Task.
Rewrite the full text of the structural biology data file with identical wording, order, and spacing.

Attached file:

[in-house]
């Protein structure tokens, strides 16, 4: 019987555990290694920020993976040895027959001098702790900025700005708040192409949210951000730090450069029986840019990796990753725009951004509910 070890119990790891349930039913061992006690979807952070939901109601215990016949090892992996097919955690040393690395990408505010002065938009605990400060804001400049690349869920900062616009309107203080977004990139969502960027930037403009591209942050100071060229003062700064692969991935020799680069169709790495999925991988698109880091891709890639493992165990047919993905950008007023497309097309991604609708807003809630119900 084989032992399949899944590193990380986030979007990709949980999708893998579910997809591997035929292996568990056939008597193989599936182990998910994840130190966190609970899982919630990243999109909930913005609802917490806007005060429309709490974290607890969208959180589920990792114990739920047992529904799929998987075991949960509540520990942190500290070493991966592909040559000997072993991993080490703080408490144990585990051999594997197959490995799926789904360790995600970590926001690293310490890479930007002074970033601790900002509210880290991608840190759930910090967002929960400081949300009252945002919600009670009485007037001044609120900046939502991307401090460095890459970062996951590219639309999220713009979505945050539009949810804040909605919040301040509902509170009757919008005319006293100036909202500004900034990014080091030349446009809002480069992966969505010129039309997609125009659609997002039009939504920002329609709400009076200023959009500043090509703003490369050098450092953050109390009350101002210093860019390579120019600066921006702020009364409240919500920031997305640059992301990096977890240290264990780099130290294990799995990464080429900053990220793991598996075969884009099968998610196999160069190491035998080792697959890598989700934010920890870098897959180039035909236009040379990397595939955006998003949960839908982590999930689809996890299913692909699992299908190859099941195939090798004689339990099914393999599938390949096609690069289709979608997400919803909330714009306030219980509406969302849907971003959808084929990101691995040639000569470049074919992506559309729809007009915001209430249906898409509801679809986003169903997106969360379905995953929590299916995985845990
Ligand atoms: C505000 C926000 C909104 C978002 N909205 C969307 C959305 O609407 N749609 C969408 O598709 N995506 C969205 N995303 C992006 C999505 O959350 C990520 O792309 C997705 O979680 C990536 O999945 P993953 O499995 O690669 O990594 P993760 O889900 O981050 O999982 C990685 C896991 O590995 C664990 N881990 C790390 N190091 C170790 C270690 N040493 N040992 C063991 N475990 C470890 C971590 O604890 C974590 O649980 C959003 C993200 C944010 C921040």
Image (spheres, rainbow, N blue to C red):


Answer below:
[in-house]
């Protein structure tokens, strides 16, 4: 019987555990290694920020993976040895027959001098702790900025700005708040192409949210951000730090450069029986840019990796990753725009951004509910 070890119990790891349930039913061992006690979807952070939901109601215990016949090892992996097919955690040393690395990408505010002065938009605990400060804001400049690349869920900062616009309107203080977004990139969502960027930037403009591209942050100071060229003062700064692969991935020799680069169709790495999925991988698109880091891709890639493992165990047919993905950008007023497309097309991604609708807003809630119900 084989032992399949899944590193990380986030979007990709949980999708893998579910997809591997035929292996568990056939008597193989599936182990998910994840130190966190609970899982919630990243999109909930913005609802917490806007005060429309709490974290607890969208959180589920990792114990739920047992529904799929998987075991949960509540520990942190500290070493991966592909040559000997072993991993080490703080408490144990585990051999594997197959490995799926789904360790995600970590926001690293310490890479930007002074970033601790900002509210880290991608840190759930910090967002929960400081949300009252945002919600009670009485007037001044609120900046939502991307401090460095890459970062996951590219639309999220713009979505945050539009949810804040909605919040301040509902509170009757919008005319006293100036909202500004900034990014080091030349446009809002480069992966969505010129039309997609125009659609997002039009939504920002329609709400009076200023959009500043090509703003490369050098450092953050109390009350101002210093860019390579120019600066921006702020009364409240919500920031997305640059992301990096977890240290264990780099130290294990799995990464080429900053990220793991598996075969884009099968998610196999160069190491035998080792697959890598989700934010920890870098897959180039035909236009040379990397595939955006998003949960839908982590999930689809996890299913692909699992299908190859099941195939090798004689339990099914393999599938390949096609690069289709979608997400919803909330714009306030219980509406969302849907971003959808084929990101691995040639000569470049074919992506559309729809007009915001209430249906898409509801679809986003169903997106969360379905995953929590299916995985845990
Ligand atoms: C505000 C926000 C909104 C978002 N909205 C969307 C959305 O609407 N749609 C969408 O598709 N995506 C969205 N995303 C992006 C999505 O959350 C990520 O792309 C997705 O979680 C990536 O999945 P993953 O499995 O690669 O990594 P993760 O889900 O981050 O999982 C990685 C896991 O590995 C664990 N881990 C790390 N190091 C170790 C270690 N040493 N040992 C063991 N475990 C470890 C971590 O604890 C974590 O649980 C959003 C993200 C944010 C921040």
Image (spheres, rainbow, N blue to C red):